Archive for the ‘Scientific Reports’ Category

Wastewater Treatment Plants as Chemical Observatories to Forecast Ecological and Human Health Risks of Manmade Chemicals

January 21, 2014 Comments off

Wastewater Treatment Plants as Chemical Observatories to Forecast Ecological and Human Health Risks of Manmade Chemicals
Source: Scientific Reports

Thousands of chemicals have been identified as contaminants of emerging concern (CECs), but prioritizing them concerning ecological and human health risks is challenging. We explored the use of sewage treatment plants as chemical observatories to conveniently identify persistent and bioaccumulative CECs, including toxic organohalides. Nationally representative samples of sewage sludge (biosolids) were analyzed for 231 CECs, of which 123 were detected. Ten of the top 11 most abundant CECs in biosolids were found to be high-production volume chemicals, eight of which representing priority chemicals, including three flame retardants, three surfactants and two antimicrobials. A comparison of chemicals detected in nationally representative biological specimens from humans and municipal biosolids revealed 70% overlap. This observed co-occurrence of contaminants in both matrices suggests that the analysis of sewage sludge can inform human health risk assessments by providing current information on toxic exposures in human populations and associated body burdens of harmful environmental pollutants.

See: Sludge as New Sentinel for Human Health Risks (Science Daily)

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Quantifying the Digital Traces of Hurricane Sandy on Flickr

November 7, 2013 Comments off

Quantifying the Digital Traces of Hurricane Sandy on Flickr
Source: Scientific Reports

Society’s increasing interactions with technology are creating extensive “digital traces” of our collective human behavior. These new data sources are fuelling the rapid development of the new field of computational social science. To investigate user attention to the Hurricane Sandy disaster in 2012, we analyze data from Flickr, a popular website for sharing personal photographs. In this case study, we find that the number of photos taken and subsequently uploaded to Flickr with titles, descriptions or tags related to Hurricane Sandy bears a striking correlation to the atmospheric pressure in the US state New Jersey during this period. Appropriate leverage of such information could be useful to policy makers and others charged with emergency crisis management.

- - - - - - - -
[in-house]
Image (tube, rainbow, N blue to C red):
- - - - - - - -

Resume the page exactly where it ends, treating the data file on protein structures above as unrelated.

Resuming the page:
Using social media to quantify nature-based tourism and recreation

October 23, 2013 Comments off

Using social media to quantify nature-based tourism and recreation
Source: Scientific Reports

Scientists have traditionally studied recreation in nature by conducting surveys at entrances to major attractions such as national parks. This method is expensive and provides limited spatial and temporal coverage. A new source of information is available from online social media websites such as flickr. Here, we test whether this source of “big data” can be used to approximate visitation rates. We use the locations of photographs in flickr to estimate visitation rates at 836 recreational sites around the world, and use information from the profiles of the photographers to derive travelers’ origins. We compare these estimates to empirical data at each site and conclude that the crowd-sourced information can indeed serve as a reliable proxy for empirical visitation rates. This new approach offers opportunities to understand which elements of nature attract people to locations around the globe, and whether changes in ecosystems will alter visitation rates.

How Peer Pressure Shapes Consensus, Leadership, and Innovations in Social Groups

October 10, 2013 Comments off

How Peer Pressure Shapes Consensus, Leadership, and Innovations in Social Groups
Source: Scientific Reports